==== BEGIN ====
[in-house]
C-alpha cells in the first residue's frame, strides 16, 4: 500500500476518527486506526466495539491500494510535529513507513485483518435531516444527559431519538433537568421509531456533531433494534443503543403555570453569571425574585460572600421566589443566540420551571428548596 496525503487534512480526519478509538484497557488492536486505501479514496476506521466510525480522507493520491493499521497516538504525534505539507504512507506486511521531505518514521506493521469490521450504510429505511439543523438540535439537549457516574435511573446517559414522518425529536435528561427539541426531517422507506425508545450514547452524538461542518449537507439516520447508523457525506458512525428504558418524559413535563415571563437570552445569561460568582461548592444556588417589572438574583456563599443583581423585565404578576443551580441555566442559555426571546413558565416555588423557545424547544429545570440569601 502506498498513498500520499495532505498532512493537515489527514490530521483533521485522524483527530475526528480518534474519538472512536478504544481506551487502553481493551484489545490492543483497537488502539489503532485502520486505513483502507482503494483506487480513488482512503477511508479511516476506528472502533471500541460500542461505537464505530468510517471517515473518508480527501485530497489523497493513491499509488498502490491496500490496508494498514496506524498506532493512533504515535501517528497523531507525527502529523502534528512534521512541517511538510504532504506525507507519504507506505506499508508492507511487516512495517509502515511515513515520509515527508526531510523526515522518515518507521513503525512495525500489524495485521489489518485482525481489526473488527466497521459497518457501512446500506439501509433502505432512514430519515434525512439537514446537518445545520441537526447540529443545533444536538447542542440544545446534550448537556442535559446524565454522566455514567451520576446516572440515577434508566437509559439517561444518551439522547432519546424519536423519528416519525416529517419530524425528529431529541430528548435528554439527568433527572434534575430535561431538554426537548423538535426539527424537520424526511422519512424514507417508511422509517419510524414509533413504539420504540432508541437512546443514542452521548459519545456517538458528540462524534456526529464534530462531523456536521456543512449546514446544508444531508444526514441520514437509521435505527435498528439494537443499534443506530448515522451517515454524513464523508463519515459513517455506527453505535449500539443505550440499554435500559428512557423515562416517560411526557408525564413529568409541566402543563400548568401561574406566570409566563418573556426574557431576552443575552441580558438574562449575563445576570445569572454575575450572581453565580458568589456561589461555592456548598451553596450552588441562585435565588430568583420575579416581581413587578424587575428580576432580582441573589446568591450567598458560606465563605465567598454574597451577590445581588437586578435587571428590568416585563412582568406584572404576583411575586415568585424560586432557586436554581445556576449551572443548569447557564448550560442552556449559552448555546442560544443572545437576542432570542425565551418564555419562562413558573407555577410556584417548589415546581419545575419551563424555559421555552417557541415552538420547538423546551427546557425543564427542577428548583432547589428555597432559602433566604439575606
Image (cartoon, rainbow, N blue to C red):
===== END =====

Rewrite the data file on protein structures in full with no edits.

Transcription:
[in-house]
C-alpha cells in the first residue's frame, strides 16, 4: 500500500476518527486506526466495539491500494510535529513507513485483518435531516444527559431519538433537568421509531456533531433494534443503543403555570453569571425574585460572600421566589443566540420551571428548596 496525503487534512480526519478509538484497557488492536486505501479514496476506521466510525480522507493520491493499521497516538504525534505539507504512507506486511521531505518514521506493521469490521450504510429505511439543523438540535439537549457516574435511573446517559414522518425529536435528561427539541426531517422507506425508545450514547452524538461542518449537507439516520447508523457525506458512525428504558418524559413535563415571563437570552445569561460568582461548592444556588417589572438574583456563599443583581423585565404578576443551580441555566442559555426571546413558565416555588423557545424547544429545570440569601 502506498498513498500520499495532505498532512493537515489527514490530521483533521485522524483527530475526528480518534474519538472512536478504544481506551487502553481493551484489545490492543483497537488502539489503532485502520486505513483502507482503494483506487480513488482512503477511508479511516476506528472502533471500541460500542461505537464505530468510517471517515473518508480527501485530497489523497493513491499509488498502490491496500490496508494498514496506524498506532493512533504515535501517528497523531507525527502529523502534528512534521512541517511538510504532504506525507507519504507506505506499508508492507511487516512495517509502515511515513515520509515527508526531510523526515522518515518507521513503525512495525500489524495485521489489518485482525481489526473488527466497521459497518457501512446500506439501509433502505432512514430519515434525512439537514446537518445545520441537526447540529443545533444536538447542542440544545446534550448537556442535559446524565454522566455514567451520576446516572440515577434508566437509559439517561444518551439522547432519546424519536423519528416519525416529517419530524425528529431529541430528548435528554439527568433527572434534575430535561431538554426537548423538535426539527424537520424526511422519512424514507417508511422509517419510524414509533413504539420504540432508541437512546443514542452521548459519545456517538458528540462524534456526529464534530462531523456536521456543512449546514446544508444531508444526514441520514437509521435505527435498528439494537443499534443506530448515522451517515454524513464523508463519515459513517455506527453505535449500539443505550440499554435500559428512557423515562416517560411526557408525564413529568409541566402543563400548568401561574406566570409566563418573556426574557431576552443575552441580558438574562449575563445576570445569572454575575450572581453565580458568589456561589461555592456548598451553596450552588441562585435565588430568583420575579416581581413587578424587575428580576432580582441573589446568591450567598458560606465563605465567598454574597451577590445581588437586578435587571428590568416585563412582568406584572404576583411575586415568585424560586432557586436554581445556576449551572443548569447557564448550560442552556449559552448555546442560544443572545437576542432570542425565551418564555419562562413558573407555577410556584417548589415546581419545575419551563424555559421555552417557541415552538420547538423546551427546557425543564427542577428548583432547589428555597432559602433566604439575606
Image (cartoon, rainbow, N blue to C red):